Business News/ Brand Stories / The demand for last-mile delivery offers hope and light at the end of the tunnel

The demand for last-mile delivery offers hope and light at the end of the tunnel

The Covid-19 pandemic has brought in fresh challenges and opened up a whole world of opportunities for the micro-logistics and last-mile delivery ecosystem. Find out what the experts have to say about the sector and its future.

Technology will surely be one of the biggest game-changers in the last-mile delivery ecosystem.Premium
Technology will surely be one of the biggest game-changers in the last-mile delivery ecosystem.

Global logistics is expected to be a 10.6 trillion dollar industry in 2020, according to a study by Frost and Sullivan Urban Logistics Opportunity, and transportation alone will account for about 70 per cent of this pie.

As the economy slowly opens up in post lock-down phase and consumer demands start to rise, there is a lot of anxiety surrounding the micro-logistics and last-mile delivery ecosystem. It is also a sector that is seeing an unprecedented growth owing to the high demand of online grocery, e-commerce and delivery from mom-and-pop stores around. The only way forward is to come up with disruptive models to meet the changing consumer needs in these testing times. Technology will surely be one of the biggest game-changers in the ecosystem.

“The first couple of days of the pandemic were filled with a lot of uncertainty as there was no previous data point to show us the next step forward. At the same time, there was a surge in demand. We had to think on our feet and develop new SOPs to mitigate the risk of spread of the disease. We put a lot of time into thinking how we are going to do contactless delivery and more importantly, how are we going to make it traceable," said Shreyas Shibulal, Founder and Director, Micelio and Lightning Logistics.

Shreyas Shibulal was speaking at a virtual panel discussion on ‘Micro Logistics and Last-Mile Delivery in COVID-19: First Response and Opportunities amidst Challenges’ powered by Livemint and Lightning Logistics. The discussion was moderated by Utpal Bhaskar, Infrastructure Editor, Mint.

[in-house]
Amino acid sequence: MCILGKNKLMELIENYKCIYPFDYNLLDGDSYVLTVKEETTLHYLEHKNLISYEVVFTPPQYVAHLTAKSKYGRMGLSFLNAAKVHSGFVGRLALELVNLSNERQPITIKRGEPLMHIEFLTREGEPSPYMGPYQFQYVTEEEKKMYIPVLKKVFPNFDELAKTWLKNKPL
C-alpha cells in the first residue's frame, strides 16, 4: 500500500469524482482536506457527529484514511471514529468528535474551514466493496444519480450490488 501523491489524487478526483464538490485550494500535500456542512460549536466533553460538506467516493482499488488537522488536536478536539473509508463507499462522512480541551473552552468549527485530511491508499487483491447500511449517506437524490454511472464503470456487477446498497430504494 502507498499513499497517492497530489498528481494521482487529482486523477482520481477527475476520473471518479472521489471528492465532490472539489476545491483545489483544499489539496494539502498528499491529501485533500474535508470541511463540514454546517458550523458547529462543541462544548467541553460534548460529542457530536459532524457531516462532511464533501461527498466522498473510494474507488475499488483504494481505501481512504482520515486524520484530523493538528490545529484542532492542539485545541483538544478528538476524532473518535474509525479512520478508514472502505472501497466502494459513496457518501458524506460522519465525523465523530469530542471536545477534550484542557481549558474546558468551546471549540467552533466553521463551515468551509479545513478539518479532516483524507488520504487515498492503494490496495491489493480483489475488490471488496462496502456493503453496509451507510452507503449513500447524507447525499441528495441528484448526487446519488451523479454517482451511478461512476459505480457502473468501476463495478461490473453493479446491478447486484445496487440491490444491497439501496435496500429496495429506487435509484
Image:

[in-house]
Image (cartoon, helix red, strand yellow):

India is a country where no one size fits all. Diverse parts of the country have different demographics and demands. Supply chains use a wide range of vehicles to ferry produce from one part of the country to another.

“Looking back, logistics was present in the blood and vein of our country. India specifically has a heterogeneous vehicle population. We have cycles, cycle rickshaws, e- rickshaws and autos, and there is an easy possibility of mix and match of all of these to provide the optimum solution to any last-mile delivery, which is becoming more and more relevant because of the pandemic," said Sohinder Gill, Director General, Society of Manufacturers of Electric Vehicles (SMEV) and Chief Executive Officer (CEO)-Global Business, HERO ECO.

Owing to the pandemic, people are not going out to buy things any longer but ordering them from the safety of our homes and expecting same-day deliveries. “Consumers are becoming dependent on things being brought to them. More and more penetration of online purchases will happen – it is the biggest push that India has seen in online transactions," said Hanish Yadav, Associate Partner, McKinsey & Co.

Almost all major brands are pushing for online and offline channels to meet customer requirements. “There is a huge demand for micro logistics because everyone needs to get a delivery. We are seeing a lot more traction where individual brands are thinking about setting up their own omni-channel network and this is where the hyperlocal delivery becomes critical," he added.

This surge in demand has come as an opportunity for electric vehicles, which are perfect for last-mile delivery because of the economy of operation that they offer. During the pandemic, there is an additional demand for shifting from large aggregators to smaller last-mile delivery players.

“About 85 per cent electric two-wheelers run at low speed or city limit speed and are much more efficient than other vehicles. In smaller ranges, the cost of operation is almost half. They are not replacing personal vehicles but fulfilling a need – either of moving people or materials. I believe this is the time for electric vehicles," Gill added.

Due to these reasons, a lot of companies are opting for EVs even as some long-term implications need to be studied. “EVs offer operational efficiency and optimum cost per km. But what is the residual value of these vehicles is yet to be figured out. Also, it is important to find out if banks are prepared to offer at-par finances for EVs. The current interest rates are a bit high for EVs," shared Shreyas Shibulal.

As we get back to the new normal, will the fear to purchase things other than essentials go out? “There is a reluctance to purchase. The organized sector has to completely overhaul its B2C model. Owing to the heterogeneity of some of our locality, neighbourhoods and habitations, one-size fits all logistics model will not really work out for the corporate sector. If you are looking at an economy driven by hyperlocal transactions, even businesses will need to figure out how to make it more and more decentralised," said Dr Laveesh Bhandari, Director, Indicus Foundation.

In a world full of uncertainty where we are not sure when consumer demand levels in different sectors will reach pre-Covid times, the surge in demand for micro-logistics and last-mile delivery comes as a candle, a much-needed ray of hope amid the darkness.

Lightning Logistics is a trusted, sustainable last-mile delivery firm, providing businesses and customers a seamless, last-mile delivery experience with intelligent, data-driven logistical solution.

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Updated: 24 Jun 2020, 04:13 PM IST
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